Over the summer, members of Untitled@Large came up with the idea of creating an e-newsletter to amplify the voices of BIPOC (Black, Indigenous and People of Color) in theatre. The result, Center Stage, debuted last week.
This first issue, which focuses on black artists and theatres, is a response to the nationwide protests that followed the death of George Floyd. These protests highlighted the need for a conversation in which Untitled wanted to be involved. “What can we do? Where can we go from here? Because something needs to be done,” said Untitled’s artistic director Lilia Harlan ’22.
Center Stage gives Untitled the opportunity to support efforts of the Black & Latinx Student Union and the Feminists of Color Collective. According to literary manager Sabrina Yvellez ’22, “We don’t want to fall into performative activism,” which she defined as activism motivated by the desire for popularity rather than dedication to a cause. To avoid this pitfall, Yvellez worked toward creating a structure for the e-newsletter that would allow it to “be maintained for years to come for the benefit of the entire Hamilton theatre community.”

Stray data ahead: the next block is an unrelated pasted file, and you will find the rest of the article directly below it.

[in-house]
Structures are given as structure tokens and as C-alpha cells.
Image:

Every month, the e-newsletter will include “Spotlight” stories on activists, artists, podcasts, and plays. Links to a full website or an activist’s social media page provide readers with resources for further information. Untitled also provides links to take action, such as making a donation or signing a petition.
Both Harlan and Yvellez agree that the e-newsletter is a work in progress. The e-newsletter provides everyone, from contributors to readers, with an opportunity for growth. How can we work toward, as Harlan said, “making sure that there is a space for everyone?”
Center Stage is just one way that Untitled@Large is working to incorporate antiracism practices. Moving forward, members will make more conscious decisions regarding the plays they choose to read/view and look into how the organization can expand Hamilton’s resources to include material on and by groups of individuals that have been historically marginalized. Next semester, Untitled hopes to create spaces specifically for BIPOC students on campus.